The year was 1844 and Van Diemen’s Land had a problem. Its prison system was overcrowded and convicts who’d earned a Ticket of Leave were unable to find anywhere to work.
Hobart Town chain gang [picture]; H2408
In Britain, things were even worse. Industrialisation, job losses and spiralling crime rates meant there would be no respite for England’s overcrowded jails. Transportation needed to continue, but how?
Lord Stanley, the Secretary of State for the Colonies, came up with the answer.
‘There is no sufficient reason’
‘why the better class of Prisoners, who have served the prescribed period of secluded punishment at Parkhurst and Pentonville, should be transported as Convicts at all… they may with equal advantage …be sent to Australia as Exiles.’
Notice to ticket-of-leave men [picture]; H22214
The exiles would be free men in Australia. The only condition to be placed upon them was that they must not return to England until their original sentences had expired.
And so it was that between the years of 1844 and 1849, around 1700 ‘exiles’ from England were sent to Melbourne, Portland and Geelong.
It was not all smooth sailing for Lord Stanley’s plan. Whilst the squatters were in favour of the idea (as the exiles provided much needed labour), Melbourne’s citizens were alarmed. ‘It will scarcely be believed’ the Port Phillip Patriot exclaimed. ‘This is a resumption of transportation with a vengeance… a regular letting loose upon us of the villainy of the mother country without check or hindrance’ (18 November 1844).
A convict ship; H92.410/20
Public outcry in Geelong was similarly vehement: ‘Geelong…is doomed to the unenviable notoriety of being the ultimate destination of this cargo of fallen angels’ (Geelong Advertiser, 15 March 1845).
As the ships carrying the exiles continued to arrive, public sentiment became increasingly hostile. The Argus lamented that Port Phillip was being transformed into ‘a pandemonium, a very dung pit, for all the felons of the British empire’.
The Argus 6 March 1849, p.2
The controversy continued until finally, in 1849 a ‘monster meeting’ was held on the corner of Swanston and Collins Streets, where it was decided that ships containing the exiles would not be permitted to land.
‘The convicts shall not land’ The Argus newspaper headline asserted provocatively the following day.
The public did not have long to wait for its resolve to be tested. On the 8 August 1849, the Randolph ship arrived in Melbourne from England with 295 ‘exiles’ on board. The Argus implored people to be on their guard to ensure that the exiles were not landed. Superintendent Charles La Trobe refused to take the convicts and paid the ship’s captain to sail the ship on to Sydney.
Frescoes for the new houses of parliament. no. VI [picture] ; La Trobe and the chieftains resist the landing of the convicts; MP15/05/56/116
Despite this triumph, the Geelong Advertiser urged its readers to be vigilant, warning that ‘inhabitants of Port Phillip should not fall into the delusion that all danger is…past.’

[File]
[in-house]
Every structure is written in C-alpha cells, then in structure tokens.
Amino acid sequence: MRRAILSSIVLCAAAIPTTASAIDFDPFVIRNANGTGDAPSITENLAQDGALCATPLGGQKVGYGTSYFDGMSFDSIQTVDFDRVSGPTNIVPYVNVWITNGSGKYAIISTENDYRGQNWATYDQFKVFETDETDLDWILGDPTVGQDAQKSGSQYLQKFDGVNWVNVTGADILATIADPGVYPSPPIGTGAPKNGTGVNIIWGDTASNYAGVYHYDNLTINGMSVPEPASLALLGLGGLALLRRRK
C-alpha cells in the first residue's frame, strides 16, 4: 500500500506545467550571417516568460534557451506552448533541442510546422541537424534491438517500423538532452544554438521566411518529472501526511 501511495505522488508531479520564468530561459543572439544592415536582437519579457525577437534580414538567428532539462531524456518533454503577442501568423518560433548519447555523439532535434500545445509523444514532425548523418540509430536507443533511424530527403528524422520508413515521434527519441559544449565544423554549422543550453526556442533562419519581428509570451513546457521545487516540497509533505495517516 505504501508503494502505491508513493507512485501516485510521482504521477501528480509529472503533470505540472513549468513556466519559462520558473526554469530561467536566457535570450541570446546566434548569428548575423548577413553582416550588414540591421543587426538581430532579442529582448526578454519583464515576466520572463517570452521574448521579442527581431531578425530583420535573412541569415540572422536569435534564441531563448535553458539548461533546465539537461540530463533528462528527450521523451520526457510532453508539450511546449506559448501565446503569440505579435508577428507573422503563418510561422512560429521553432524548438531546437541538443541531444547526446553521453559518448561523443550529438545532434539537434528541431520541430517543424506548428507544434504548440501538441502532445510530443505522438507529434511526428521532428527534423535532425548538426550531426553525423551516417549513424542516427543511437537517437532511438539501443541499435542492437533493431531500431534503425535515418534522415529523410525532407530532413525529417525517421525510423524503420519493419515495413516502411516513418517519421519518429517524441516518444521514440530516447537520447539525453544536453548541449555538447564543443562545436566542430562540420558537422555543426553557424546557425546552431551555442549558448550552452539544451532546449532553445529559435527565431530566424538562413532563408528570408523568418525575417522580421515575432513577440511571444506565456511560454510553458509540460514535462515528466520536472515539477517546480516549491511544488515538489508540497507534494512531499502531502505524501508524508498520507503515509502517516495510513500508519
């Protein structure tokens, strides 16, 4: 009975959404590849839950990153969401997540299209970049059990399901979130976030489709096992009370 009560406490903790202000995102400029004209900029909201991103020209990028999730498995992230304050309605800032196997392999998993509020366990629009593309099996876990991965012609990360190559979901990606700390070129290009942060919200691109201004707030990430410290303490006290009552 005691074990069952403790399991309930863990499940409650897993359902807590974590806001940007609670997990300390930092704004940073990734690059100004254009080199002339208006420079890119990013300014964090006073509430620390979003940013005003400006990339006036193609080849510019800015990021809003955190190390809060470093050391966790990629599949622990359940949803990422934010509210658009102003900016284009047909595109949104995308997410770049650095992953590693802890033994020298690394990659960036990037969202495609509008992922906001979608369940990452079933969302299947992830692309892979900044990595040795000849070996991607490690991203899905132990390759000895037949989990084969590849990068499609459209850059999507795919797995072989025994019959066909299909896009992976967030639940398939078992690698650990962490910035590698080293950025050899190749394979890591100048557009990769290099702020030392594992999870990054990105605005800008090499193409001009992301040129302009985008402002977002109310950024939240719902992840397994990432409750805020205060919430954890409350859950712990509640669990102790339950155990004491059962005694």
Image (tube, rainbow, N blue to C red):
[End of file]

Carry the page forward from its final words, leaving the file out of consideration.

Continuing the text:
Another ship – the Adelaide – arrived in December. Again, La Trobe refused to allow the ship to land, sending it on to Sydney instead. The Argus newspaper was positively crowing:
‘Today the harbour of Port Phillip will be happily freed from the second attempt made to render this province a receptacle for British crime, for the ‘Adelaide’ proceeds with her cargo of pollution to seek the more genial atmosphere of Sydney’.
By the end of 1849, five ships carrying exiles had reached the shores of Sydney. This was not to last however. Sydney soon joined Port Phillip in its uncompromising stance, and exiles were forced to land at Moreton Bay in Queensland.
Hail Victoria the free [art original]. By Charles Norton; H88.21/87
In the years that followed, the anti-transportation movement gathered apace, until finally, in December 1852, it was declared at an end.
So who were these cargo loads of fallen angels? According to historian Ian Wynd, the typical exile was:
‘… young, English, Protestant, single, and could read and write; he had been sentenced to seven or ten years’ transportation for a crime against property, most likely larceny; he probably came from an industrial area and had a trade learnt either before or during imprisonment.’
Children too, were among the exiles. Francis Keener was just eleven years old. He had served four years already for stealing a shirt. Charles Jordan was seven when he was sentenced for stealing two pence, whilst 12 year old Joseph Rhymes was sentenced to ten years for stealing bees wax.
Relics of convict discipline [picture] ; H37687/4
The story of the exiles was a challenging chapter in Australia’s history. It still resonates today.
 Historical Records of Australia (HRA), I, XXIII, p. 700, Stanley to Gipps, 27/7/1844
 Wynd, I., 1996, The Pentonvillains, Ian Wynd, Newtown, Victoria, p.
Dunstan, D. (ed.), 2000, Owen Suffolk’s Days of Crime and Years of Suffering, Australian Scholarly Publishing, Kew, Victoria
Wood, C., 2014, Great Britain’s Exiles Sent to Port Phillip, Australia, 1844-1849: Lord Stanley’s Experiment, University of Melbourne, Melbourne, Victoria
Wynd, I., 1996, The Pentonvillains, Ian Wynd, Newtown, Victoria